When it comes to working in the philanthropic sector, it can be easy to be so overwhelmed by all the challenges that you miss celebrating the little wins much less your overall progress toward mission. There is too little time and too little money. There are too many good ideas and an uncertain path to finding the great ones. We can be reinforced by the ability to be of some service and yet wonder if we’re genuinely advancing our cause.

This can be particularly true in family philanthropy. If I ask a group to tell me about the aspects of family participation that influence their giving together, I am very likely going to hear about the difficult dynamics. When prompted, I hear about the family’s commitment to their giving, their passion for their causes and grantees, their willingness to volunteer countless hours working together on behalf of something greater than themselves. And those are just a few of the things family participation adds to philanthropy! It seems it is just more instinctive to remember that your brother never lets you finish a sentence.

The ability to take stock and celebrate was particularly evident at the recent Board of Directors retreat for the National Center for Family Philanthropy. Given a number of new Board members and the need to do some work on our business model, we spent the first part of the day thinking about the Center’s history and accomplishments. Much of the attention focused on the challenges to raising awareness about the field of family philanthropy and the importance of serving and sustaining it. We recalled years of difficulty in getting research commissioned much less accomplished. There have been so many who haven’t been able to see how donor families fit into the world of grantmaker education and advocacy – or, at least, the world as they had known it. We recalled the challenges of building a collaborative organization and a sustainable business model. Happily, we also celebrated how much had been done in a dozen or so years.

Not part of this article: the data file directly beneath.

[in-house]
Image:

Later that same evening, the theme of great accomplishments from great challenge became visually, stunningly clear. Thanks to Sarah Jane Cavanaugh, our Board member from the Russell Family Foundation, and her husband, Tim, our Board was treated to an evening at Tacoma’s Museum of Glass. As a part of this magical evening, every Board and staff member got to stand in “Jane’s Hot Shop” (touchingly named for Sarah’s late mother) and blow glass. After creating my “masterpiece” – or, rather, extensively relying on my artist/coach – I sat in the gallery and watched each Board member go through the process.

The process begins with choosing the colors and patterns you want to see in your work of art. You really have to imagine how choices of varying chemicals will contribute to realizing that vision. I watched each person stand in front of a blazing hot oven and make a “gather” – the heat was ferocious on both face and hands. Once a solid gather is made, each person puts the gather into their choice of chemicals to create color and pattern. As my board chair, Mary Mountcastle, encouraged me upon completing her ball, “you can’t be tentative!” Delicately placing the gather in the chemicals would get you nothing; you had to do it like you really meant it. Several more firings ensured the chemicals melted and the colors blended. While oppressively hot, it wasn’t always possible to duck behind the small heat shield. There were moments it felt as if the blowpipe were too heavy to bear much less turn gently and evenly. Next came the actual glass blowing. I sat for hours in utter fascination watching each person breathe life into the gather and experience the ball expand and take shape. Next, the artist demonstrated the strength of the still-hot glass by sharply rapping the ball with a heavy metal tool. The sound was shocking, an unexpected realization of strength in what had been – just moments before – a molten blob.

As the ball was separated from the blowpipe another loud crack echoed in the hot shop. The ball was sealed and put into an annealing oven to cool (if you cool it too quickly, the glass will shatter). Even at that point, the final colors of the piece could not be discerned. We have to wait for that process to occur (not to mention shipping home!) to know what our efforts ultimately realized.

Later, I could not help reflecting on how that process mirrored our conversation about the National Center’s development and, indeed, the development of the field of family philanthropy. Like the glass blowing, I have been enormously privileged to have watched the development of both. There has to be a vision, optimism, boldness (“you can’t be tentative!), a lot of heat, creativity, more heat, commitment to withstanding the heat for the privilege of breathing life into your work, and, finally, faith that what you have labored over will be strong, beautiful, worthwhile, and a source of inspiration and pride.

Not a bad vision for anyone who works on behalf of something valuable.

With great encouragement for your own valuable works of art,

Ginny Esposito
President, National Center